Harvard researchers said that “dairy food is one of the most consistent predictors for prostate cancer in the published literature.” But it’s not just prostate cancer. Here’s a study that found a link between dairy food and lung, breast, and ovarian cancers:
Lactose Intolerance And Risk Of Lung, Breast And Ovarian Cancers: Aetiological Clues From A Population-Based Study In Sweden, British Journal of Cancer, January 2015
Conclusions: In this large cohort study, people with lactose intolerance, characterised by low consumption of milk and other dairy products, had decreased risks of lung, breast, and ovarian cancers, but the decreased risks were not found in their family members, suggesting that the protective effects against these cancers may be related to their specific dietary pattern.
Many studies rank dairy consumption from high to low and compare the highest group to the lowest group for cancer incidence. A drawback to that is relying on questionnaires, that is, relying on peoples’ memory and their inclination to tell the truth. Here we have a group of people who were, in effect, punished if they ate dairy (by their inability to digest milk sugar); researchers had more confidence that they were low consumers.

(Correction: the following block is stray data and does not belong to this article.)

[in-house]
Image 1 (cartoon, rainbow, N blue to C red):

What is it about dairy food that could link it to cancer?
Milk and other dairy products can contain high amounts of fats, particularly saturated fat, and some growth factors, such as insulin-like growth factor I (IGF-I), and these dietary components have been suggested to be associated with the development of various types of cancers.
Furthermore, avoidance of milk may alter the human gut microbiome, which may affect the development of tumours.
I just posted a couple studies linking saturated fat to breast cancer.
My sense is that there are several components of dairy food that make it risky. It’s probably not just the fat, or the IGF-1, or the milk protein, or the galactose, or the environmental pollutants. It may be all of these acting together.
Table 2 gives the numbers. Eating less dairy just about halved the risk for lung cancer.